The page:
Entry to a brand-new 992-generation Porsche 911 just got $35,500 more affordable in Australia courtesy of new Carrera base variants that start from $229,500 plus on-road costs for the coupe.
Poseurs cop a $21,500 premium for the Carrera Cabriolet, which is still $30,100 less expensive than the equivalent Carrera S that launched earlier this year.
These cost savings are reflected by lower power and torque outputs from the 3.0-litre twin-turbocharged six-cylinder boxer engine in the Carrera’s rump, which develops 283kW and 450Nm (up 11kW over the old 991 Carrera but down 48kW and 80Nm compared to the 992 Carrera S).
But the Carrera is no slouch, with a sprightly 0-100km/h time of 4.2 seconds in the coupe, while the Cabriolet arrives two-tenths later. Optioning the Sport Chrono package cuts 0.2s from the triple-digit dash and both versions can achieve a top speed of 293km/h.
A staggered set of alloy wheels and tyres is standard, comprising 19-inch rims up front with 235/40 tyres and 20-inch rear alloys with 295/35 ZR rubber at the back.
Behind these are four-pot monobloc fixed brake callipers applying force to 330mm rotors.
An eight-speed PDK dual-clutch automatic transmission feeds drive to the rear wheels, while Carrera 4 variants with all-wheel drive are also on the horizon.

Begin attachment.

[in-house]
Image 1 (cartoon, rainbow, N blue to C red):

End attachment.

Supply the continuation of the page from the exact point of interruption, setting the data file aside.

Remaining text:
Fuel consumption on the official combined cycle is 9.0 litres per 100km for the coupe and 9.2L/100km for the cabriolet, producing CO2 emissions of 206 and 210 grams per kilometre respectively.
Porsche says the Carrera’s standard kit list is pretty much lineball with the pricier Carrera S and includes a 10.9-inch touchscreen display, a pair of 7.0-inch displays in the instrument panel, front and rear parking sensors with with surround-view cameras, keyless entry and start, a cabin air ioniser, and a thermal imaging camera for spotting ’roos not picked up by the LED Matrix headlights.
Helping keep the Carrera on the straight and narrow are adaptive cruise control, a collision warning and brake assist system, and a Wet Mode for the stability control system designed to prevent drivers from stacking it when faced with slippery conditions.
As occupants of the Lucky Country, Aussie Carrera buyers get a few extras thrown in such as 14-way heated ‘comfort’ front seats, a Bose premium sound system with DAB+ digital radio, blind-spot monitoring, self-dimming rearview mirrors, a reversing camera and metallic paint.
Porsche sold 339 examples of the 911 in the first half of this year, 17 more than the same period in 2018 – and continues to dominate a segment that is down 5.4 per cent overall.
2019 Porsche 911 Carrera list pricing
|Porsche 911 Carrera - automatic||$229,500||$251,000|
Is the base Carrera the perfect 911? Tell us what you think in the comments below.